Recent develoments :
1. Integration of the sequence data corresponding to 95% of rice genomefrom the international sequencing effort.
2. Completion of the sequencing for almost all the chromosomes and access to the sequence data.
3. Annotation data for all the PAC/BAC clones are displayed. Revision of thecuration system based on rice full-length cDNA sequences was performed and results of the curation are shown for all the clonesalignedin chromosomes 2,6,7,8, and 9.
4. Re-annotation of the chromosome 1 sequences are successively incorporated.

Aknowledgement :
INE was developed and maintained by a grant from the Ministry of Agriculture, Forestry and Fisheries of Japan (Rice Genome Project GS-1302).

References :
1. Sasaki et al. 2002. The genome sequence and structure of rice chromosome 1. Nature 420:312-316.
2. Feng et al. 2002. Sequence and analysis of rice chromosome 4. Nature 420:316-320.
3.The Rice chromosome 10 sequencing consortium. 2003. In-depth view of structure, activity, and evolution of rice chromosome 10. Science 300:1566-1569.
4. The rice full-length cDNA consortium 2003. Collection, mapping, and annotation of over 28,000 cDNA clones from japonica rice. Science 301:376-379.
5. Sakata et al. 2002. RiceGAAS: an automated annotation system and database for rice genome sequence. Nucleic Acids Research 30:98-102.

IRIS - International Rice Information System

http://www.iris.irri.org/

Description :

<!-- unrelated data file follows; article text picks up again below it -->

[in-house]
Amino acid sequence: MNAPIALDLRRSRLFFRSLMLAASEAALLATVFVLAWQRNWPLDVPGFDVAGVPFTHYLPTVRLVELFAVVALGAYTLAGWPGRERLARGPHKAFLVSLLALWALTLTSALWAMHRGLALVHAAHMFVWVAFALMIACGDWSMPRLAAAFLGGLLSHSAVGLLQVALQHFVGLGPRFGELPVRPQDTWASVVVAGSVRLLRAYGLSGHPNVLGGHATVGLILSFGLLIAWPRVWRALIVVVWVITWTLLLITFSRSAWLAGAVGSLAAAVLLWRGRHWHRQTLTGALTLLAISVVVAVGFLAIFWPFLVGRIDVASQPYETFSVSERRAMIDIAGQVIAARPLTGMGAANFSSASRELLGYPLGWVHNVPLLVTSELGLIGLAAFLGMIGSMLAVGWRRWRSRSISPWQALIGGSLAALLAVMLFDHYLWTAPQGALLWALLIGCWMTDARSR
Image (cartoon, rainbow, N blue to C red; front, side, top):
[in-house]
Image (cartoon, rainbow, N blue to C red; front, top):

The International Rice Information System (IRIS, www.iris.irri.org) is the rice implementation of The International Crop Information System (ICIS, www.cgiar.org/icis), a database system for the management and integration of global information on genetic resources and crop improvement for any crop. Ambiguous germplasm identification, difficulty in tracing pedigree information and lack of integration between genetic resources, characterization, breeding, evaluation and utilization data have been identified as major constraints in developing knowledge intensive crop improvement programs. ICIS is being developed to address these constraints by genetic resource specialists, crop scientists and information technicians in several centers of the Consultative Group for International Agricultural Research (CGIAR) and in National Agricultural Research Systems. The Genealogy Management System (GMS) is the core database which ensures unique identification of germplasm, management of nomenclature (including homonyms and synonyms) and retention of all germplasm development information. The GMS links germplasm with characterization and evaluation data in the Data Management System, and a trait ontology with a controlled vocabulary ensures integration of information across different studies. New components are now being added to the database to handle the diversity of rice functional genomics data including genomic sequence data, molecular genetic data, expression data and proteomic information. Stand-alone programs and web interfaces offer specialist applications and customized views to researchers with different interests. Breeders’ applications facilitate crop improvement tasks, map view and gene view facilitate molecular biology and the mutant view provides a workbench for functional genomics. The evolving crop information system will be invaluable for all researchers working on all aspects of rice biology, who will benefit from access to the latest international information linked unambiguously to specific germplasm. Just as these scientists have participated in the global exchange of genetic resources through the CGIAR’s extensive networks, IRIS will allow them to benefit from, and participate in the development and deployment of new, knowledge-intensive, crop improvement systems that link information to the seeds being exchanged.